At the end of summer 2016, I had the privilege of attending the closing banquet for the MIT Summer Research Program (MSRP). I say privilege because I am an alum of MSRP Summer 2008 and 2010. It was in those summers that I developed the ambition to attend MIT for graduate school and made life long friendships with fellow scientists that continue to enrich my graduate experience, even now. If you know an undergrad who is interested in STEM but maybe on the fence about graduate school, encourage them to apply to MSRP (link here). It is an opportunity for underrepresented students to come to MIT and participate in a scientific immersion program that prepares you for the challenges for applying to, and getting through, graduate school. MSRP was where I started to develop my identity as a scientist, and gave me actionable strategies that have helped me leverage my skills during my PhD career. Such a quality program, I highly recommend it!
Hidden Figures, a very necessary film about the role of black women computers in the NASA space race
[Update] Film will be released on December 25, 2016!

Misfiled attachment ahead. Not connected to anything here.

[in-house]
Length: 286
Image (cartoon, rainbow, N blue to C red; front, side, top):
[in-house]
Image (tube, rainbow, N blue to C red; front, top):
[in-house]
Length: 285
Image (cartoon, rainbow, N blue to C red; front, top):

I am so incredibly excited about the upcoming film, Hidden Figures. Based on the entitled book by Margot Lee Shetterly, this movie tells the untold story of three African American female computers who made significant contributions to the space race of the 1960's and 70's. I first heard about the lead character, Katherine Johnson, when she won the Presidential Medal of Freedom in November of 2015. This is the highest civilian honor awarded, and Mrs. Johnson was chosen based on her calculations and verification work that were critical to landing the first man on the moon.
All female computer pools at NASA were the lifeblood of the institution in those days, handling complex calculations that today's computers allow us to take for granted. Highlighting the contributions of Mrs. Johnson and others like her resonates loudly with me. As an African American woman in nuclear engineering, knowing of Katherine Johnson gives me a reference point. I can only imagine the level of perseverance, self-control and resilience needed to excel during the Jim Crow era, let alone in a male-dominated technical field. Knowing her story gives me a context for my own, and further proof that black women have a long, distinguished and under-appreciated history in STEM. It is a shame that I did not learn about Katherine Johnson and female computers until 2015. It is a shame because examples like this help to shape possibilities for children. Thankfully, despite this lack of visible and acknowledged role models for black women entering STEM, we decide to persist. This book/movie increases the visibility of a historically unacknowledged group in STEM, the black woman, and bright minds who see it will never be the same.
I cannot wait until January 13th. I might be the first in line :)
Learning from the Central Park Five: Visions of American Criminal Justice Reform